I remember a time back in middle school when I couldn’t do a single pull-up. I could hop up and grab the bar, no problem. I could even use the momentum of hopping up and grabbing the bar to perform my first pull-up. But then, gravity took over and as I lowered my body down from the bar, I would go down to the ground as if I had rocks in my shoes. I always blamed my long arms but in reality, I just didn’t have a lot of strength in the muscles needed to perform a pull-up. Muscles like my shoulders, chest, and biceps.
After graduating from Springfield College, I took a personal trainer job at a health club in the financial district in Boston. At this health club, there was a machine which actually helped you through the process of performing a pull-up. It was called a Weight Assisted Chin Dip machine. This machine was designed to assist the user by means of a counter weight system. It had pull-up arms as well as dip bars. However, instead of the user lifting 100% of their own body weight as you typically would on a traditional pull-up bar or station, this weight assisted chin dip machine allowed you to select a percentage of your body weight to lift. So, you could perform a pull-up exercise at a much lower overall intensity on a weight assisted chin dip machine due to the counter weight. I would demonstrate it to my new clients by selecting a weight close to my own body weight, then performing a one handed pull-up. A feat that I was definitely not capable of doing without the counter weight assistance of this machine. So, here is how the weight assisted chin dip machine works.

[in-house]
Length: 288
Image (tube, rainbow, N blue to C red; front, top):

There are several types of weight assisted chin dip stations. Some of them have a standing platform while others have a kneeling pad. Essentially, the two styles function the same way except one is standing and the other is kneeling. First, select a weight on the weight stack which meets your exercise level. Each machine will have a selectorized weight stack with number plates going up to 150, 200, some even 300 lbs. If you are a beginner or have never worked out or maybe have a weak upper body like I did, select a weight on the weight stack that is close to or at the bottom of the weight stack. The counter weight system will assist you as you pull-up or perform a bar dip. Next, step up to the standing platform or kneeling pad and grasp either the pull-up handles above you or the dip handles beside you. Note, the standing platform or kneeling pad will drop with your weight added, so grab on tight to whichever bar you select.
Next, perform the pull-up or bar dip exercise. If the counter weight is working, you should be able to pull yourself up or perform a bar dip. If you are still struggling to perform these exercises, select a weight closer to the bottom of the weight stack or ask a fitness professional to assist you. As you get stronger, select less and less weight on the weight stack. This means that you will be pulling and pushing more of your own body weight and uses the counter weight less to assist you. What that means is that you are making progress and getting stronger.
Most weight assisted chin dip stations will have instructional placards to show you the exercises and the muscle groups involved. Utilize the staff at your health club if you plan on using this machine for the first time. Pull-ups and dips are great upper body strength training movements that work a lot of muscles. And the movements are great to build strength for activities of daily life. For more information on this machine and how it works, email me through this blog site or at firstname.lastname@example.org.
If you would like information on how to purchase a weight assisted chin dip machine, feel free to contact the North Kingstown Marketing Company at 401.583.7171